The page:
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    I really love the idea of ggplot and the aesthetic of the charts, but the dependencies make it somewhat impractical to use for light-weight applications. It needs a Fortran compiler, Numpy/Scipy, Matplotlib, and whatever else in between, installing it can be quite a lengthy pain.

    Is anyone aware of any maintained Python charting libraries that are less dependency-heavy? Searching yields many results with untouched code from 2009 and older.

    It appears much of the advancement in charting libraries is going towards JavaScript/SVG client-side rendered toolkits.

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      I am particularly partial to jgraph, which is a small C program with basically no dependencies.

      I have this in my ~/bin to convert jgr files to trimmed PDFs (requires pdfcrop from texlive and ps2pdf from ghostscript, I think):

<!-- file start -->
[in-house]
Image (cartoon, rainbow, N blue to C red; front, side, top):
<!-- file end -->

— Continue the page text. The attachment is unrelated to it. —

jgraph -P "$1" | ps2pdf - - | pdfcrop - "$2"
      

      I’m not aware of any language bindings for jgraph, but if you spend an hour with its man page, you should be able to write simple jgr files in a jiffy. (Maybe skim the lecture notes on the author’s web page first.)

      Fun fact: jgraph was written in 1992 but didn’t stop compiling until ca. October 2012. At that point, the author fixed it and released a new version.

      As an Archlinux user, I’m obligated to inform you that I maintain a package for it in the AUR.

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        Is anyone aware of any maintained Python charting libraries that are less dependency-heavy?

        Seaborn perhaps? http://stanford.edu/~mwaskom/software/seaborn/index.html

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          Ah, seaborn looks very nice too, but alas has the exact same dependencies as ggplot. :)

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            I did not notice it uses the same base libs as ggplot.py. I been taking the easy route by installing via anacoda, which makes most of these dependency installs simple on OS X.